PFGE and MLST showed that several clones are currently spreading in different geographic locations. In Colombia, 3 pulsotypes could be identified. Overall, among the 16 isolates, 1 major ST (258) and its derivative ST 11 seemed to predominate. In a recent study that gathered isolates from 10 US states, ST 258 accounted for 70% of isolates, according to a database of KPC-producing K. pneumoniae PFGE results maintained by the Centers for Disease Control and Prevention (8). This ST has also been identified for KPC-producing K. pneumoniae in Sweden (in isolates imported from Greece and Israel) and more recently in Poland (36,37). These findings suggest possible international dissemination of KPC-producing ST 258. Apparently, the K. pneumoniae clone that contains the extended-spectrum β-lactamase (ESBL) determinant CTX-M-15 belongs to ST 11 (38).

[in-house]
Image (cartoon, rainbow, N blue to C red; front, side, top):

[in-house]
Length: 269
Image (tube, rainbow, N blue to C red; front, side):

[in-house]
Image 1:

KPC-producing K. pneumoniae contained diverse β-lactamases. All except 2 isolates harbored at least another β-lactamase; blaTEM-1 and a blaCTX-M-type ESBLs were expressed by >80% and 62.5% of isolates, respectively. KPC producers have already been associated with other β-lactamase genes, such as the widespread ESBL gene blaCTX-M-15 (17). SHV ESBLs have been found among isolates, as has been described for strains from the United States (39) and Norway (36). These additional β-lactamases are likely to complicate phenotype-based identification of KPC producers. Three isolates harbored the chromosome-encoded blaOKP-A/B genes and belonged to phylogenetic group KpII, which accounts for <10% of K. pneumoniae strains (34). Coexpression of OKP enzymes and ESBLs has rarely been reported.
Isolates also demonstrated diversity in their molecular features. In this study, the KPC-2 genes were encoded on a broad variety of plasmids, as shown by previous studies (22,35). These plasmids differed in size and incompatibility groups. Similar plasmids were observed among isolates with the same ST, whereas different plasmids were also associated with similar STs. Therefore, epidemiologic investigation of KPC producers should be performed at different molecular levels.